Giveaway: A Toy Garden


Quality playthings are an important part of our family's experience. We choose quality over quantity, and sustainably (ie: second hand or natural materials) over mainstream popularity.

One company we've chosen to patronize as a family is A Toy Garden. I respect their customer service, their family-owned philosophy and the quality of much of what they sell. I interviewed A Toy Garden recently. Our conversation is below. 

Clean: What is your company and how long have you been in business?

A Toy Garden: For
10 years, I have offered an extensive selection of mostly hand-made toys made
by me, friends in Northern California, around the United States, and around the
world. Whenever possible, I purchase directly from the artisans. In general,
these toys are made from wood, cotton, wool, silk, and other natural and
high-quality materials and are open-ended, leaving lots of room for the child
to develop and use his/her own imagination and imitation skills. A few items
are just plain fun and I couldn't resist offering them to you. I also buy from
a few larger manufacturers that have strong ethical and safety policies whether
manufacturing in Germany, USA, Thailand, Canada, China, or elsewhere.

Clean: What inspired you to go into this line of work?

A Toy Garden: I
am a work-from-home mom & social worker and attended the Sacramento Waldorf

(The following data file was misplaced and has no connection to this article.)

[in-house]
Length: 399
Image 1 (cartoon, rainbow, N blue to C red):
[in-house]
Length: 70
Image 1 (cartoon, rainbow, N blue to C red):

School for 13 years. When my daughter was 2, she asked me to sew an apron for
her just like mine! Then she wanted a tablecloth & cloth napkins, then
beans bags, & a puppet theater. I started sewing for her, her friends, and
then started selling to families around Northern California. My husband is key
in supporting the technical/computer (and moving heavy boxes) side of the
business. My children are now 11 and 9 and attend the Sacramento Waldorf School.
I still personally make the bean bags, play silks, silk and flannel blankets,
and some of the gnomes and other toys we sell.


Clean: How do you believe you and your business are bringing good into the world?

A Toy Garden: I
especially enjoy offering toys that are handmade and made in the USA by small
family run businesses. I work with over 40 artisans. Often we develop toys
together via email and photos. I enjoy creating toys I think my customers will
enjoy and that are not available elsewhere. Often, the simpler the toys, the
better. Many of our wooden toys and cloth dolls are made here, as well as some
of our kits and art supplies. I encourage all my customers to purchase items
Made in the US as much as possible. There are many reasons why supporting US
made products is healthy for our families and our country. In addition, we run
our business as earth friendly as possible. We use many recycled boxes and
packing materials. We recycle and reuse as many of our paper, bags, and other
materials as possible. Many of our toys have no packaging at all – just the
toy! Our warehouse is built of energy efficient materials below ground so we
can run our business year-round without heat or air conditioning.

Clean: What else should we know?

A Toy Garden: When
I choose toys I have many criteria. Mostly, I want them to be made of natural
materials and to be open-ended, inspiring children to play with each toy in a
variety of creative ways.  I assess